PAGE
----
AR: Yes, if it came out now people would think it was contemporary. Some things are so good that they transcend time, it goes beyond fashion, it goes straight to your heart. When you capture something that honest and real in a performance, people know it doesn't matter where or when they come from they recognise that at a human heart level.
PG: IS BEING HONEST AND HEARTFELT ESSENTIALLY WHAT INSPIRES YOUR MUSIC?
AR: Musically it's never anything tangible that inspires me because it's just notes and chords, but lyrically you tend to draw from things in your life and things that are running around in the subconscious. It's more emotional experiences that drive the song-writing process.
PG: WHEN YOU FIRST STARTED PLAYING MUSIC, YOU SAID YOU WERE DRAWN TO THE PIANO AND HAVE CALLED THE EXPERIENCE 'SURREAL AND MAGICAL', SO HOW DID THAT HAPPEN?
AR: It was a weird one actually. I guess the fact that my family were all musicians and we had bands rehearsing in the living room had something to do with it. One morning, I just got up and started plonking away. I'd never played it before, but it was always in the corner of our living room. Then my Mum knew that was what I definitely wanted to do and got me lessons.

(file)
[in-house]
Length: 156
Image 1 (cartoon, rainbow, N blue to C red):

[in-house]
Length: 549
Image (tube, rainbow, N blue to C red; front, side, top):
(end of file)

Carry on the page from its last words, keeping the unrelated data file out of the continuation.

PG: YOU'VE COLLABORATED WITH SEVERAL OTHER ARTISTS TOO, ARE THERE ANY MOMENTS THAT STAND OUT?
AR: Yeah I've been doing that more recently than in the past. I write songs and sometimes an artist might hear that and say 'oh I like that.' I've worked with a few people along the road. I was working with Joss Stone when she was 14, I said what do you want to write about? For most 14-year-olds its some boy at school but she wanted to write about a friend of hers who had met a guy, fallen in love and he went off to America but died in a car crash. Then I realised she wasn't your average 14-year-old. If someone comes to you with an emotional idea you can quantify it in a lyric that people will understand straight away.
PG: SHE'S A GREAT TALENT, SO INFLUENCED BY A LOT OF OLD SOUL MUSIC.
AR: She's an anomaly because she listened to music that wasn't of her time, it's normally how I spot the greats. I met Amy Winehouse quite early on and she wasn't just into top 40 music she was deeply into jazz and other music. If it was good and it moved her, she was open to it. That's always a sign of someone that's in tune with something. As an artist it's natural to want to know where this music came from and what the root of it is.